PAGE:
5 Things I LOATHED
Deathly Hallows Pt2: Movie Review
by the REAL Ginny Weasley
1. The Battle Begins...NOW!
2. As a result...
As a result of the omitted chaos, they in turn had to cut out one of my favorite scenes.

I absolutely
adore when Harry hexes Carrow from beneath the Invisibility Cloak just because he
spit at Professor McGonagall.  By making Harry’s entrance so structured and official, they
therefore had to omit Harry’s surprise entrance.

I will say this — they wrote a great part for McGonagall for the final film.  It redeems them for all
the times she had about one line to say per hour.
3. Dumbledore's Backstory
4. The Chamber of Secrets
Yes, the book does describe Ron and Hermione bravely entering the Chamber of Secrets to
collect basilisk fangs to destroy the horcruxes.

But they don’t show it.

Then we get to use our imagination.  We can imagine that Ron struggled to open the chamber
door by doing his best Parseltongue impression.  By showing us, it just makes me criticize the
movie makers for making it look so easy.

Plus, they moved Ron and Hermione’s kiss into the Chamber of Secrets, making this epic scene
something it just
wasn’t in the book.         

(Interesting Info: both Emma Watson and Rupert Grint separately described filming this scene
as an “absolutely horrible” experience.)
5. The Final Confrontation...alone
Harry and Voldemort have their epic battle, but not in the Great Hall.  They battle over every
inch of the castle except the Great Hall.

First they run through the castle...then they run up the clock tower…then Harry rocks some
quotes that have absolutely nothing to do with the book or the storyline for that matter…then
Harry grabs Voldemort and throws him off the castle, where they zip around and around and
then up and down and then back and forth before finally landing in the courtyard outside the
door leading to the Great Hall.

...and they do it all alone.  No one watches Harry defeat Voldemort.  No one gets to see the
Elder Wand pledge allegiance to Draco’s conquered wand.
5 Things I LOVED
Specifically, the walk down the hallway of Gringotts and most of the Gringott’s scene.

I had heard that Helena Bonham Carter loved her chance to play Hermione, referring to the
scene in which Hermione becomes Bellatrix with the help of Polyjuice Potion. I will definitely
give her credit — she did a fantastic job in this scene.

I love how silent it is when Ron, Harry, Hermione, and Griphook walk up to the front desk at
Gringott’s.  There was hardly any background music...hardly any noise at all.  Not only did this
create a terrific tension-filled scene, it also made it that much more powerful when the dragon
smashed through the wall.

The scene in Gringott’s was virtually the only scene in
Deathly Hallows Part II that did not take
place at Hogwarts and was not part of the ultimate battle.  Luckily, it was done well so we
weren't yawning, moaning, and clawing our eyes out to get to the good stuff.
1. Gringotts
2. Hermione
A lot of the Harry Potter actors were asked what character they would like to play if they were
given the chance to start over.

Every actor, male or female, said Hermione.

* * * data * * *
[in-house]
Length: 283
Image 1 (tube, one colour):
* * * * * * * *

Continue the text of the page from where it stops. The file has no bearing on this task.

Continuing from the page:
There’s no doubt that this series is about Harry Potter.  It’s even named after him.  Hermione,
however, is no doubt the second most important character to the storyline.

A lot of this love is attributed to the book, but I have to give the movies credit.  Choosing Emma
Watson to portray Hermione was one of the best casting decisions they ever made.  She can now
look back on the series and be ridiculously proud of herself and the work she did.
3. Neville again
5. The Epilogue
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Granger's Army
If you were born the year that Harry Potter and the Sorcerer’s Stone premiered, you are now ten
years old.

If you were seven years old when the movie premiered, you probably graduate from high
school this year.

If you gave yourself a dollar once a day starting with the day that
Harry Potter and the Sorcerer’s
premiered, you would now have $3,529 (which is not as much as I thought it would be
when I came up with this.)

If you really wanted to play Beethoven’s Piano Sonata No. 14 in C# minor, as referred to as
Quasi una fantasia, but more popularly known as the Moonlight Sonata, once a month since the
first movie premiered, just for the heck of it, you would have played this 117 times.

As for myself?

I was in my first semester of college when the first movie premiered.  Now, I just finished my
sixth year of teaching.

There have been so many things I’ve loved along the way, and certainly many things I loathed
about the movie’s adaptation.  To quote myself from my
stupendous review of Deathly Hallows
Part I
, “It is that love/hate relationship with the movies that led to the coining of the term loave (a
combination, for those of you that don’t remember from my last review, of the word
love and
Once again, Deathly Hallows Part II gets a lot of credit for following the right order of the book.  In
essence, the movie was only broken up into the Gringott’s break-in and the Hogwarts battle, so
it would be difficult to mess up the order at all.  At first glance, it seems as though it is a perfect
adaptation of the novel.

It really only has one more flaw.  There are so many minor details wrong throughout the movie,
if you organized them into a list, you wouldn’t think the movie followed the book at all.

Let’s break it down, shall we?
This complaint actually stems from the producers making this film into two movies.  In the
book, the battle begins as a chaotic culmination of Harry’s quest to destroy horcruxes.  In the
movie, the battle was virtually the entire storyline.  Therefore, it needed a beginning, middle,